The Root of Alcoholic Violence

Researchers have identified the genetic variant of a brain receptor molecule linked with the severe impulsivity that leads to alcoholic violence.

Hana Levi Julian, LCSW-R , | updated: 15:23

The brain
The brain
Israel news photo: courtesy of TAU

Scientists have discovered the genetic variant of a brain receptor molecule that leads to violently impulsive behavior when people who carry it are under the influence of alcohol.

The multinational research team was led by scientists at the U.S. National Institutes of Health. A report of the findings, which include human genetic analyses and gene knockout studies in animals, appears in the December 23 issue of Nature.

“Impulsivity, or action without foresight, is a factor in many pathological behaviors including suicide, aggression, and addiction,” explained senior author David Goldman. M.D. Goldman, chief of the Laboratory of Neurogenetics at the NIH National Institute on Alcohol Abuse and Alcoholism (NIAAA), added that it is “also a trait that can be of value if a quick decision must be made or in situations where risk-taking is favored.”

Goldman and researchers in Finland and France studied a sample of violent criminal offenders in Finland. The hallmark of the violent crimes committed by the individuals in the study sample, he said, was that they were spontaneous and purposeless.

“We conducted this study in Finland because of its unique population history and medical genetics,” Goldman explained. “Modern Finns are descended from a relatively small number of original settlers, which has reduced the genetic complexity of diseases in that country.”

The researchers sequenced DNA of the impulsive subjects and compared them with DNA from an equal number of non-impulsive Finnish control subjects. They found that a single DNA change that blocks a gene known as HTR2B was predictive of highly impulsive behavior.

HTR2B encodes one type of serotonin receptor in the brain. Serotonin is a neurotransmitter – a brain chemical – known to influence many behaviors, including impulsivity. 

However, the genetic variant alone did not account for the violent impulsivity, Goldman added. “Carriers of the HTR2B variant who had committed impulsive crimes were male, and all had become violent only while drunk with alcohol, which itself leads to behavioral disinhibition.”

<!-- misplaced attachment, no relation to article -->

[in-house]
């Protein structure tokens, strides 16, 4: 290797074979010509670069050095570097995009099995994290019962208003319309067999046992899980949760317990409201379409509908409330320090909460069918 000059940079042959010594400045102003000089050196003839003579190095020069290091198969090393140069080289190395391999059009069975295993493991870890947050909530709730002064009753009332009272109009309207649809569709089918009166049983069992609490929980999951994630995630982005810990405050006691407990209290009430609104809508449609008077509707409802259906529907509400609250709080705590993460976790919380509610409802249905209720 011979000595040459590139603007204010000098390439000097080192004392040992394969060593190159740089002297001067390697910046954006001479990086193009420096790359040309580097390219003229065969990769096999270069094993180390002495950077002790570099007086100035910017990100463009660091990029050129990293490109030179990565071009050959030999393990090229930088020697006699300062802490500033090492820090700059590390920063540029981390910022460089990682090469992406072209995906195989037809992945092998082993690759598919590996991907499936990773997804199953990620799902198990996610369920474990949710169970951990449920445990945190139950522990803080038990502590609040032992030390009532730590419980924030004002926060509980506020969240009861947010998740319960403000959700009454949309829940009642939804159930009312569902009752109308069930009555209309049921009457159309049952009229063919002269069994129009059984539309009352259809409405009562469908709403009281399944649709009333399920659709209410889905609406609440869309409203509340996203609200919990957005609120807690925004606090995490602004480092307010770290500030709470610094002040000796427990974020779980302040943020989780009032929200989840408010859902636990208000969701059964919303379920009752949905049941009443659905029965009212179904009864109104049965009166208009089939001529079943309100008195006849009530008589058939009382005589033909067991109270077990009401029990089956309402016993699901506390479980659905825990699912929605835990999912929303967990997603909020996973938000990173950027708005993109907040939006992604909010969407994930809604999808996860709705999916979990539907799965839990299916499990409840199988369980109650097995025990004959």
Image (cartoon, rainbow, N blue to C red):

The researchers then conducted studies in mice and found that when the equivalent HTR2B gene is knocked out or turned off, mice also become more impulsive. Studies of any alcohol interaction in the knockout mice are ongoing.

The findings may lead to a better understanding of some aspects of impulsivity, and ultimately to strategies for diagnosis and treatment of  clinical conditions. The researchers cautioned, however, that impulsivity is a complex trait with multiple genetic and environmental causes. “Although relatively common in Finland, the genetic variant we identified in this study is unlikely to explain a large fraction of the overall variance in impulsive behaviors, as there are likely to be many pathways to impulsivity in its various manifestations,” Goldman said.

Landmark Study
The findings are likely to make headlines in the field of addictions and among scientists dealing with attention deficit hyperactivity disorder, or ADHD.

The research carries particular implications for ADHD adults who drink, especially those who are diagnosed with the impulsive-hyperactive subtype.

Adolescents and young adults with ADHD – which affects up to 10 percent of school children worldwide -- are at a statistically significant higher risk of abusing alcohol and illicit drugs than their peers in the general population, according to numerous studies.

ADHD teens who do not receive timely treatment are also at statistically higher risk of getting into motor vehicle accidents, dropping out of high school and juvenile deliquency.